Prime Minister Theresa May has succeeded in uniting the British people against the common enemy—Herself.
Brexiteers and Remainers who only yesterday were at each other’s throats have turned as one to sink the political axe firmly into the back of their prime minister and her draft Brexit deal with the EU.
It took less than 24 hours for Dominic Raab– the man Mrs. May placed in charge of Brexit negotiations—to resign. He refused to allow his name to be associated with the agreement. He was preceded by the junior minister for Northern Ireland, Shailesh Vara. At least nine other cabinet ministers are known to oppose the deal and it is quite possible that there could be more resignations before I finish this piece.
Wait, here comes another one, the resignation of Work and Pensions Secretary Esther McVey has just popped up on my screen. The prime minister will need a political miracle to win parliamentary approval for her deal. Voting against her will be the Labour Party, the Scottish National Party, the Liberal Democrats, the Green Party, her some time allies in Northern Ireland’s Democratic Unionist Party, a fistful of former cabinet ministers and a large number of disgruntled backbench Tory MPs.
Mrs May is on record as saying: “Leave means leave” and “no deal is better than a bad deal.” In the eyes of both Remainers and Brexiteers the deal the prime minister has struck results in leave means remain without any say in the construction of Europe’s rules and regulations. This a worst deal rather than a mere bad deal and the prospect of much vaunted global trade deals to replace commerce with Europe have flown out the window.
Here are the bones: Divorce bill of £39 billion; transition period of 21 months to give businesses a steep downhill slope exit rather than a cliff edge; transition may be extended if jointly agreed; a trade deal to be hammered out during the transition period; EU citizens currently In the UK can remain and work and bring their relatives; Brits in Europe can do the same but uncertain about whether they can cross borders; the rulings of the European Court of Justice have the force of law during the transition period, including new judgments; the transition period can be extended indefinitely but Britain would have to pay for the privilege and fishing rights remain unresolved.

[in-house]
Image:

Then there is a sticky problem of Ireland which has bedeviled these negotiations as it has British history for centuries. Both sides were keen to avoid a north-south hard border which could spark a return to “The Troubles.” The result is that during the transition period—or extended transition period—all of the UK will remain in the Customs Union. Northern Ireland will remain in it afterward with additional ties to Europe. Furthermore, an agreement on ending the customs union will be a joint decision between the EU and UK. Britain cannot unilaterally decide to leave the customs union. Its future will be decided by Brussels.
This result was inevitable. The Brexiteers entered these negotiations without a clear goal, divided and with an exaggerated sense of their importance. Britain is paying the price and will remain divided.